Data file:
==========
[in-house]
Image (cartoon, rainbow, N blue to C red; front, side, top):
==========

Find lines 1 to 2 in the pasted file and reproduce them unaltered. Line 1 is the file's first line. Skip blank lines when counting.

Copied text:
[in-house]
Image (cartoon, rainbow, N blue to C red; front, side, top):